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  1.    #1  
    Chrome OS Tablet PC: Google Wants Its iPad Killer in Stores by Black Friday
    By DAWN KAWAMOTO, Posted 12:46 PM 08/18/10

    Google Chrome Tablet PC: iPad Killer Scheduled to Launch on Black Friday - DailyFinance

    Google reportedly is in the midst of developing its own tablet computer and aims to launch its iPad killer on the busiest shopping day of the year -- Black Friday -- according to a report at the website Download Squad.

    Google (GOOG) is turning to its previous partners to create the new device, with former handset maker HTC (HTCXF) dishing up the hardware and Android-phone carrier Verizon (VZ) providing the network connection, according to the report. But Google will be using its Chrome OS -- not Android -- as the operating system for the device.

    The report notes that Google's tablet is expected to be heavily subsidized, a move that could pose a serious problem for Apple's (AAPL) high-flying iPad with its $499 price tag. If Apple should begin to feel the pain of competition, consumers may stand to benefit with -- cha-ching -- an iPad price drop following the Nov. 26 Chrome tablet launch.
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  2. #2  
    Unless Google makes the core tablet experience as nice as Apple's, this won't sway many people seeing as its a niche market still.
  3. #3  
    Quote Originally Posted by Brain Mantis View Post
    Unless Google makes the core tablet experience as nice as Apple's, this won't sway many people seeing as its a niche market still.
    I don't know enough about Chrome to fathom what could possibly justify forking Google's App market.

    It was my understanding that originally Chrome ostensibly was planned to be more focused on a web centric, browser based experience. It was mainly directed toward the netbook audience.

    But Android on the surface seems perfectly adaptable for tablets -- and there are existing plans from several OEMs to produce them using Android.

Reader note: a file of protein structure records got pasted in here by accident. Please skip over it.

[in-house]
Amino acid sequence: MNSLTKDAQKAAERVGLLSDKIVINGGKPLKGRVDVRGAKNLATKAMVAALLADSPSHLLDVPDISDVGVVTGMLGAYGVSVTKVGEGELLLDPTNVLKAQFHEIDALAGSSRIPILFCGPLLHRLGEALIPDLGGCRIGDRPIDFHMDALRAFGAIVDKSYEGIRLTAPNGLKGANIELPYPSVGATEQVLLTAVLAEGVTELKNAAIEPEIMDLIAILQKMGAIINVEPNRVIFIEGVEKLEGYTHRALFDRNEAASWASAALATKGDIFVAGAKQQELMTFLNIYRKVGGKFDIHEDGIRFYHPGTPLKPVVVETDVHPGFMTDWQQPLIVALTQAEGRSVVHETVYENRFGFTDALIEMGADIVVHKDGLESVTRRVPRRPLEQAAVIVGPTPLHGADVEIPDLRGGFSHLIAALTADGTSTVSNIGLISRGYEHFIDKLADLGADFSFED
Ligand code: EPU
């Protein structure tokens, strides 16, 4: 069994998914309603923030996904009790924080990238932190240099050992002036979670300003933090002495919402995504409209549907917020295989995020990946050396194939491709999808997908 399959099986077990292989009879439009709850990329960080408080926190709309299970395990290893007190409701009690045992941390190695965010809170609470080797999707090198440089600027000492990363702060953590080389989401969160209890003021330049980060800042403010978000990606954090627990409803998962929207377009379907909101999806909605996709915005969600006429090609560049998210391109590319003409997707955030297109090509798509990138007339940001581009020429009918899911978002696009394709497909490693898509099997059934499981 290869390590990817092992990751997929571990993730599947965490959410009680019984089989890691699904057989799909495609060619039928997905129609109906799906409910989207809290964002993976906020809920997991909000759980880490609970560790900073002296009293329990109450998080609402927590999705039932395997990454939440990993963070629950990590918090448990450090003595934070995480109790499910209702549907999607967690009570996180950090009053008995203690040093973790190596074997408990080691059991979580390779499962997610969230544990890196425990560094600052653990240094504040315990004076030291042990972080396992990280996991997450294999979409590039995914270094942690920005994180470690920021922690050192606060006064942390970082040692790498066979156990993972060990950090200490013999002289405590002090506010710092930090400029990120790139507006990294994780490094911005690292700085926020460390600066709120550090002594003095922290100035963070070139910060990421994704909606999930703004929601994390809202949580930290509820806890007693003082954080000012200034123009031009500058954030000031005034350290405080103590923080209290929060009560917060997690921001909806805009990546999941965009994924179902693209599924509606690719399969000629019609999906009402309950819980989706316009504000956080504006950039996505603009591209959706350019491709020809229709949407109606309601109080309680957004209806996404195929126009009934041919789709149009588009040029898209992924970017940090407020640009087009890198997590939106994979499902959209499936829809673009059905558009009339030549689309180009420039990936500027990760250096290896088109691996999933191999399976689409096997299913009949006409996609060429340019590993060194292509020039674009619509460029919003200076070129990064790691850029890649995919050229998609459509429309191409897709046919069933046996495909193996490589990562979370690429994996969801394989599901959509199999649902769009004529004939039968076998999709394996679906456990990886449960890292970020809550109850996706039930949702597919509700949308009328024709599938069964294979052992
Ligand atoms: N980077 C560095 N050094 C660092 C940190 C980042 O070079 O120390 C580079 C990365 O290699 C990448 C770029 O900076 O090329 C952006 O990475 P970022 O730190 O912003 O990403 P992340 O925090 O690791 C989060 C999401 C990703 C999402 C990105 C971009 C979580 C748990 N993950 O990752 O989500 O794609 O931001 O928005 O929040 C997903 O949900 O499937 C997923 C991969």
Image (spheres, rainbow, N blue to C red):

What baffles me is if Chrome is so significantly different from Android that developers need to create 2 distinct Apps for each ecosystem, I wonder how they expect Chrome to find enough users to make it worthwhile for developers. This paucity of Apps will inevitably also retarrd adoption of the platform.

    Its an odd decision if true. It would also demonstrate that Google did not learn from the obvious value that Apple got by leveraging its iPhone ecosystem to a new but fraternal iPad platform.

    If true its a choice I would have much more associated with M$, than Google.
    Last edited by BARYE; 08/19/2010 at 12:30 AM.
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  4. #4  
    The more I think about it the crazier it seems.

    It looks like I am not alone in being befuddled by Google allowing two of their OSes to compete for the same target market:

    Rumored Google Tablet Raises Chrome vs. Android Question

    Jeff Bertolucci, PC World
    Aug 18, 2010

    ...Google will supply the OS (Chrome), HTC will build the device... What's interesting here is that several Android-based tablets will allegedly arrive around the same time, including devices from Samsung, Motorola, and possibly even Sony. ...

    Assuming all of these tablets do ship, what will consumers make of the Chrome vs. Android issue? Both are Google-branded mobile operating systems. Your tablet of choice may run one or the other. The potential for end-user befuddlement is quite high. ...

    Sadly, Google's dual-OS strategy for the mobile market is a mess--although I'm sure it once looked great on a flowchart at Google HQ. Last summer, Google's vice president of mobile engineering platforms Andy Rubin stated that Chrome and Android will have distinct jobs, and that the two OSes won't overlap in the consumer market. Here's an excerpt from July 2009 news report by IDG News' Stephen Lawson:

    "Google's emerging Chrome operating system won't squeeze out Android, according to [Rubin]...Mobile device OSes have specialized jobs that other platforms don't, such as running network protocol stacks, carefully managing battery life and handling handoffs among cell towers, Rubin said. 'There's different problems to be solved in different categories of consumer products...But that doesn't mean that ... one wins and one doesn't win. You need different technologies for different solutions.'"

    From a design standpoint, Google's distinction between the two mobile OSes may make perfect sense--well, to engineers, anyway. But the finer points will be lost on consumers who simply see two types of Google tablets--Chrome and Android--running on similar devices. ...

    ...Compare Google's mess with the beautiful simplicity of the iPad: No OS overlap there. Apple gets it: Keep it simple, stupid.

    Rumored Google Tablet Raises Chrome vs. Android Question - PCWorld
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